Messing around as Administrator

Discussion in 'macOS' started by thewhitehart, Oct 17, 2005.

  1. thewhitehart macrumors 6502a

    thewhitehart

    Joined:
    Jul 9, 2005
    Location:
    The town without George Bailey
    #1
    As a new ibook user I've read a few blogs telling me I shouldn't use an admin account as my primary one; that I should make myself a standard user on my own system.

    I think this might be a good idea because yesterday I accidentally moved the mac system folder to my desktop. What would happen if I did this? Would the computer restart properly? Would other users still be able to use it? Just curious, I like messing around with stuff.

    How many people do have a seperate standard account for themselves rather than using an admin account?
     
  2. swindmill macrumors 6502a

    swindmill

    Joined:
    Mar 17, 2005
    Location:
    KY
    #2
    I've always used my admin account but would also be interested in hearing thoughts on this
     
  3. slooksterPSV macrumors 68030

    slooksterPSV

    Joined:
    Apr 17, 2004
    Location:
    Nowheresville
    #3
    Standard account / Admin - depends. If you do anything that requires Administrative action, on both accounts it requires confirmation from an admin, so yes you can set it up like that - although System Preferences, under Admin, are automatically enabled so you can change them. As for moving files and folder, when I created a standard account for my sister, she couldn't access the Hard drive, just applications in the Applications folder. I'm on the account I create - Admin - when I firstly installed Panther. It may be good practice if you ruin something accidently. I myself, if I ruin something I fix it up like *snap* that. It just depends on how you feel. Practice wise? I dunno.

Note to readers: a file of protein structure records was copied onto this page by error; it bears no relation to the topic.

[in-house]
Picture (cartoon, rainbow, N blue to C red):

4. schatten macrumors member

    schatten

    Joined:
    Sep 17, 2003
    Location:
    Cleveland, OH, USA
    #4
    I don't think an admin can do any devistating damage, from my experience as an Apple technician. Even if a user has little grasp of how their system works, OS 10 will ward off any blatently dangerous mistakes.

    Now, activating & using a Root account as your normal account might be a little more dangerous. I wouldn't recommend that. That could get ugly.
     
  5. thewhitehart thread starter macrumors 6502a

    thewhitehart

    Joined:
    Jul 9, 2005
    Location:
    The town without George Bailey
    #5
    I'm going into all sorts of speculation because I'm not used to having an os work as perfectly as this one does. I'm so used to windows screwing up that I'm subconsciously looking for ways to screw up my mac so I can have a reason to fix it :D

    I agree with slookster. If you're computer savvy, even as a new mac user, go ahead using the administrator account. Especially if you're familiar with unix. Even if you use an admin account, it'll ask you for a password anyway if you attempt to move something important of affect any drastic changes. The only thing I found by using an administrator account is it will not ask you for a password if you attempt to move applications out of the application folder to somewhere else. I also discovered that you cannot move the System folder in the traditional way of dragging and dropping; it will always default to making a copy. In unix terms, it will not let you move an item as an administrator if the group permissions is set to "wheel" by just simply dragging it. (Of course, you can change the permissions for group). You can move other users folders, even though you do not fall into their permissions group, but it will prompt for a password.
     
  6. jsw Moderator emeritus

    jsw

    Joined:
    Mar 16, 2004
    Location:
    Andover, MA
    #6
    In over three years of using OS X on many different Macs, I have always used an admin account and have never screwed anything up, even while using it when tired, drunk, angry, distracted, etc.

    Perhaps I'm innately cautious. But, honestly, I think it's hard to inadvertently screw things up.

    It's probably safer to not use an admin account normally. But, for most people, I doubt it really matters.
     

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